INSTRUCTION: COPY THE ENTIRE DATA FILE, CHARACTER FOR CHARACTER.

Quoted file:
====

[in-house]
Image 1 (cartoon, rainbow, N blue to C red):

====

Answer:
[in-house]
Image 1 (cartoon, rainbow, N blue to C red):